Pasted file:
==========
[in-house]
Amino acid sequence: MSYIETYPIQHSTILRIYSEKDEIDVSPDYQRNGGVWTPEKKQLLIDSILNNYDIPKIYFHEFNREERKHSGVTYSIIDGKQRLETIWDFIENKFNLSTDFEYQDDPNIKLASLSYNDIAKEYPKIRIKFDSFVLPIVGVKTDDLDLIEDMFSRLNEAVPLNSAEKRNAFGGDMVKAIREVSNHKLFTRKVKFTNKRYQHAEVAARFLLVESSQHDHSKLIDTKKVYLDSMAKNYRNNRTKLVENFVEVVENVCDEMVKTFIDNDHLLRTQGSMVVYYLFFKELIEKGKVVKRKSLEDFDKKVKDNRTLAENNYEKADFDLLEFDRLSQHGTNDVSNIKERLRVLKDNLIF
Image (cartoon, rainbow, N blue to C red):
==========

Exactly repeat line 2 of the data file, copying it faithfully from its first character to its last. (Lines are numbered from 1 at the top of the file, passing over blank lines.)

Amino acid sequence: MSYIETYPIQHSTILRIYSEKDEIDVSPDYQRNGGVWTPEKKQLLIDSILNNYDIPKIYFHEFNREERKHSGVTYSIIDGKQRLETIWDFIENKFNLSTDFEYQDDPNIKLASLSYNDIAKEYPKIRIKFDSFVLPIVGVKTDDLDLIEDMFSRLNEAVPLNSAEKRNAFGGDMVKAIREVSNHKLFTRKVKFTNKRYQHAEVAARFLLVESSQHDHSKLIDTKKVYLDSMAKNYRNNRTKLVENFVEVVENVCDEMVKTFIDNDHLLRTQGSMVVYYLFFKELIEKGKVVKRKSLEDFDKKVKDNRTLAENNYEKADFDLLEFDRLSQHGTNDVSNIKERLRVLKDNLIF